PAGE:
in Defence

Air Force of Zimbabwe loses more aircraft as sanctions bite

Posted 5 May 2015 · Add Comment

The Air Force of Zimbabwe (AFZ) has confirmed the loss of a Karakorum K-8 light attack aircraft which crashed and caught fire during a training exercise ahead of prestigious aerial displays which were to be performed at this year's edition of the Zimbabwe InternationalTrade Fair (ZITF).

The business exhibition takes place annually at the end of April in

the country's second largest city of Bulawayo. The K-8 jet is one of

12 (six attack and six trainer) aircraft which were acquired from

Chinese aircraft manufacturer Hongdu Aviation Industry Corporation

(HAIC) in 2006 to augment the AFZ fleet. It was decimated by

Democratic Republic of Congo (DRC) rebels and their Rwandan and Uganda

army allies who fought the Kinshasa government of the late President

Laurent Kabila and his Southern Africa Development Community (SADC)

allies to a stalemate during the costly 1998-2002 Congolese war.

 

Although the Zimbabwe Defence Forces (ZDF) has never revealed its

actual DRC war losses to date, military sources say the war severely

depleted the force in both men and equipment, especially aircraft. The

crash comes less than a year after the loss of  a SIAI Marchetti

SF-260 trainer which crashed during a routine training exercise in

September last year following a botched take-off from the Prince

Charles Airport in Harare.

 

The accident was attributed to a mechanical fault and the plane was

written -off due to the ground impact and the resultant fire which

engulfed it. The SF-260 crash was the second in three years following

an aerial mishap involving a BAE Hawk trainer aircraft which developed

a technical fault  and almost plunged into a crowds which was

attending a funeral presided over by President Robert Mugabe at the

National Heroes Acre in Harare.

 

ZDF Public Relations Officer Brigadier-General John Mpande said both

pilots ejected and survived with serious injuries when the K-8 jet

crashed crashed into a populated area shortly after  take-off from

Thornhill Air Base, the country's main air-base located in the

Midlands city of Gweru on April 23.  He said the exact cause of the

accident was still being probed although there are preliminary

indications that it was caused by a mechanical fault.

 

“The Commander Zimbabwe Defence Forces (ZDF) General Constantine

Chiwenga has commended the pilots for taking all precautionary

measures to save the lives of people on the ground. He has further

commended them for preventing potential damage to civilian property

during this  (plane) crash,” Brig-Gen Mupande said. He said a combined

team from the AFZ, the Civil Aviation Authority of Zimbabwe (CAAZ) and

the Zimbabwe Republic Police (ZRP) is investigating the cause of the

crash.

 

They will be joined by air crash investigators from the Chinese

manufacturer HAIC. Although Brig-Gen Mpande declined to comment on the

extent of the damage, CAAZ investigative sources said the aircraft is

a complete write-off due to extensive fire damage and heavy impact on

hitting the ground. The crash has dealt the AFZ a huge blow amid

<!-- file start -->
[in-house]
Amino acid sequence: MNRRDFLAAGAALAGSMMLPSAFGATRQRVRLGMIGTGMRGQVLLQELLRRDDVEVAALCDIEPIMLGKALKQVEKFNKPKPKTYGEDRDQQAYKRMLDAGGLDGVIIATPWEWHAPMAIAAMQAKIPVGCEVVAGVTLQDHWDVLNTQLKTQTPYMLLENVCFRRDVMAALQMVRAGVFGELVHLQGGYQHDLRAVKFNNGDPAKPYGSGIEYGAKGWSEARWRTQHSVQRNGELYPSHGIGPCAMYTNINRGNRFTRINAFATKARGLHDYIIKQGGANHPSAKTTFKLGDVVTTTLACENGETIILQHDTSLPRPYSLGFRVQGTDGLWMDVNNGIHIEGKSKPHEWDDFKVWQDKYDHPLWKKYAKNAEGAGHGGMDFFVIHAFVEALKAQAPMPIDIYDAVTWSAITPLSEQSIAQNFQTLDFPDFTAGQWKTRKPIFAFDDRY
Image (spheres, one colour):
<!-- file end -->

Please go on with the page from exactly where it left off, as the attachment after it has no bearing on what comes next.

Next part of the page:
reports that most of the 12 K-8 light attack/trainer aircraft have

been grounded due to mechanical and technical faults which cannot be

repaired due to the lack of financial resources to acquire spare parts

and flight operations support equipment.

 

The K-8 single-engined advanced jet trainers and light attack aircraft

were intended to replace the aged fleet of three British-made BAE Hawk

trainers which were grounded immediately after the near-crash over the

National Heroes Acre. They were also meant to support a staged

phase-out of a fleet of old SF-260s trainers which has since outlived

them and remains in service as principal rookie trainer.  The

Zimbabwean government has over the years failed to provide budgets for

the acquisition of new aircraft and critical spares parts.

 

It blames this on the US-led Western arms embargo imposed on the

country at the height of the country's socio-political crisis in 2002.

Late last year, AFZ commander Air Marshall Perence Shiri said in a

rare interview that Western sanctions have degraded the force's aerial

defence capacity: "The western-imposed sanctions have not spared the

AFZ when it comes to the acquisition of new aircraft, back-up spares

for aircraft, radar,  aerial defence and support equipment. The

financial demands for new aircraft acquisitions, repairs and upgrades

have become too exorbitant as the country has to resort to sanctions

busting measures to acquire these,'' he said.

 

He said the inability to cquire new aircraft and spares has impacted

heavily on the AFZ's pilot and aircraft technician training

programmes, which have since been drastically altered to allow

recruits to complete the courses without most of the essential

training  equipment. Air Marshall Shiri said the force urgently needs

money to finance the acquisition of new aircraft, spare parts, repairs

and upgrades on some of its grounded aircraft which have not yet

outlived their lifespans.

 

This year, the government approved a $380milion defence budget which

defence minister Sydney Sekeramayi said will be used to acquire new

aircraft among other pressing needs. The grounded AFZ inventory

includes obsolete Soviet-era MiG 23 multi-role fighters, IIyushin and

Antonov heavy air-lifters. It also has a unspecified number of

Chinese-made Chengdu J-7 fighters and Shenyang F-5 fighter and trainer

jets. Its helicopter inventory includes US-made Bell 412s, French-made

Alouette IIIs, South African-made Pumas and Russian-made Mi-24V, Mi-35

and Mi-8 Hips in transport and attack variants.

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